Be weary of running docker in docker when you need to bind mount volumes. Prefer a bare metal or VM as a runner.

Profiling Haskell: Don’t chase the red herring

I’m currently working on a small Haskell tool which helps me minimize the waiting time for catching a train into the city (or out). One feature I’ve implemented recently is an automated import of aprox. 25MB compressed CSV data into an SQLite3 database, which was very slow in the beginning. Not focusing on the first results of the profiling information helped to optimize the implementation for a swift import.


The data comes as a 25MB zip archive of text files in a CSV format. All imported, the SQLite database grows to about 800 MiB. My work-in-progress solution was a cruddy shell + SQL script which imports the CSV files into an SQLite database. With this solution, the import takes about 30 seconds, excluding the time you need to manually download the zip file. But this is not very portable, as I wanted to have a more user friendly solution.

The initial Haskell implementation using mostly the esqueleto and persistent DSL functions showed an abysmal performance. I had to stop the process after half an hour.

Finding the culprit

A first profiling pass showed this result summary:

COST CENTRE          MODULE                         %time %alloc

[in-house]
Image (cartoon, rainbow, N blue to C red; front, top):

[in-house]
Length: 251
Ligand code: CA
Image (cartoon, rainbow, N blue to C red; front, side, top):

stepError            Database.Sqlite                 77.2    0.0                                                                                                                               
concat.ts'           Data.Text                        1.8   14.5                                                                                                                               
compareText.go       Data.Text                        1.4    0.0                                                                                                                               
concat.go.step       Data.Text                        1.0    8.2                                                                                                                               
concat               Data.Text                        0.9    1.4                                                                                                                               
concat.len           Data.Text                        0.8   13.9                                                                                                                               
sumP.go              Data.Text                        0.8    2.1                                                                                                                               
concat.go            Data.Text                        0.7    2.6                                                                                                                               
singleton_           Data.Text.Show                   0.6    4.0                                                                                                                               
run                  Data.Text.Array                  0.5    3.1